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Which Is Easier to Configure: Cisco IOS or Juniper Junos?

March 17, 2014
Rodger Foster

ciscovsjuniper146909294The short answer (and a common one in our industry): it depends.

When comparing Cisco IOS with Juniper Junos, the decision to choose one over the other is difficult and often boils down to cost. Other factors to consider include:

  • Features required

  • User expertise

  • Ease of integration

  • Technologies supported

  • Default values

  • Device’s role in the network

Though I have more experience with Cisco IOS than with Juniper Junos (17 years vs. 3 years), I’ve used both enough to have an excellent grasp of routing and switching on each platform.

In my experience, the Junos operating system supplies most of the features needed based on the role of the device. Certain features in Cisco’s IOS may be dependent on the version of IOS being used. In older Cisco IOS implementations, the IOS determined which features were available based on the feature sets associated with that version of IOS and the device it was running on. With Juniper, the OS is consistent across all platforms and features are available based on licenses. Cisco has moved to the same type of OS implementations starting with version 15. Now they have consistency, and features are based on licenses.

If you need the features associated with Gateway Load Balancing Protocol (GLBP), then Cisco equipment is your choice. If you do not need those features, then Juniper equipment will work using the standard Virtual Router Redundancy Protocol (VRRP). Most vendors in the industry support standards-based protocols, including Cisco, and should integrate smoothly. However, Cisco made some small but important changes to some standards.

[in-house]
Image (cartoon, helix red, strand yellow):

When connecting a Juniper switch to a Cisco switch, take care to ensure the same protocol is used.

Once the configuration is complete, I find it a little easier to read and understand a configuration using Junos. When issuing the “show configuration” command on a device running Junos, the output looks like a C program. I may be showing my age, but I have the ability to decode a C program, not the ability to create one. Maybe I have been influenced by my years of exposure to Cisco’s IOS, but I find configuration of some of the complex features, such as QoS, on a Junos device harder to follow.

The more exposure I get to Junos, though, the more I like it due to standards-based protocols and the ways the OS can be navigated. Still, if you’re looking for features, I am not sure there is a company out there that can touch Cisco’s IOS.

Another reason I am growing to like Junos is the way configurations are applied. In the IOS, the command is applied when the “enter” key is hit. In Junos, configurations are applied using a batch technique. This gives the administrator an opportunity to verify the configuration before it is applied. I have found that this has cut down on the number of mistakes I have made and keeps me from following Nancy Reagan’s advice to “just say no” to a command in the IOS in order to back out.

There are times when I think the commands on an IOS device are very cryptic and need interpretation in order to really understand the end result. To avoid redundancy, I have run into the same thing in Junos. A command is a command. Once you enter a command five times, I think you know the syntax. The important thing is to know what results to expect when a command is entered or applied, no matter if it is IOS or Junos.